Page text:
Satan Wants You, a new film by filmmakers Steve J. Adams and Sean Horlor (Someone Like Me), originally premiered at this year’s SXSW but is making its Canadian debut this week at the Hot Docs Film Festival. The Canadian-made film examines the impact of the lurid memoir Michelle Remembers, a best-seller that many point to as a major source of the Satanic Panic phenomena that gripped North America in the 1980s.
For those who may be too young to know or remember it, the Panic essentially consisted of a widespread belief that Satanic cults were kidnapping children en masse, abusing them, and performing ritualistic ceremonies with babies, animals and more. Many in middle America (and Canada) believed that everything from heavy metal music to Dungeons and Dragons was being used to recruit young people to devil worship. Daytime talk shows from the likes of Sally Jessy Raphael, Oprah Winfrey and Geraldo Rivera inundated viewers with fears that these cults were in lurking around every corner, in every neighbourhood, just waiting to snatch up little ones to commit Satanic Ritual Abuse (SRA).
Michelle Remembers was written by Dr. Lawrence Pazder alongside his psychiatric patient Michelle Smith. In the late -’70s, Smith began recounting horrific stories to her doctor of her mother giving her up as a young girl to a Satanic cult and allowing them to torture and abuse her. She had apparently repressed the memories so deeply that she completely forgot about them until Dr. Pazder utilized recovered-memory therapy to help her unlock her past trauma. Utilizing recordings of their sessions, the two wrote the book and proceeded to go on a whirlwind publicity tour, hoping to expose SRA and its insidious existence.
The film uses a variety of media as part of its storytelling, including archival footage of TV interviews, home videos and photographs along with talking head interviews and dramatic reenactments. Audiences get to hear some of the original therapy session recordings too, which are quite distressing as Smith wails in agony about various abuses she allegedly suffered as a child. Satan Wants You is at its most fascinating when revelations are made about where some of the specific claims may have come from.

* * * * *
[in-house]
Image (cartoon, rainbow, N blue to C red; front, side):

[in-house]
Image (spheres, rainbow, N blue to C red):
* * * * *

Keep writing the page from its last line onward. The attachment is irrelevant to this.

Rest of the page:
For example Dr. Pazder, a seriously practicing Catholic, is very specific in his description of rituals but it is revealed that he’d spent time in West Africa earlier in his career and had videotaped rituals he had seen there. Instead of researching their meaning and origins in local culture, he made enormous leaps of judgment and determined them to be rituals of evil. He went on to implant similar stories into Smith’s head. The local Bishop in British Columbia where Smith lived, actually managed to take the story of her alleged abuse all the way up to the top at the Vatican, and Smith and Dr. Pazder received an audience with the Pope. The local diocese in Canada went on to fund the book with a questionable $10,000 investment.
The film explores more than just the lies that Smith and Pazder were spreading, but the resulting copycat chain of admissions from others alleging that they too were victims of SRA. This involved everything from women claiming they were forced to give birth in order to sacrifice their babies for blood rituals, to people coming forward with stories of kidnapping and abuse as children. Talk shows and news programs ate the content up – enjoying the consistently high ratings – and spread the ideas wide without verification or pushback. When experts tried to refute accusations, they were often labeled as cult members themselves.
It is a fascinating time capsule of what was, in effect, a modern-day Salem Witch Trial. It’s also easy to draw parallels to the recent spread of QAnon conspiracies, where allegations of a child abuse ring in the basement of a Washington pizza parlour has become one of the baseless accusations most referenced among believers. We see the same tactics being used now as by religious zealots in the 1980s, and observe a similar lack of critical thinking among the populace as falsehoods are allowed to reign supreme.
The documentary will keep you on the edge of your seat, and leave you floored by the incredible and outrageous accusations presented from all corners of the SRA ensemble. It will enthral fans of the true crime genre, who will likely be familiar with some of the cases presented in the film. The fact that most of the Satanic Panic can be traced to a single source is fascinating and an important lesson and warning for everyone at this particular moment in time.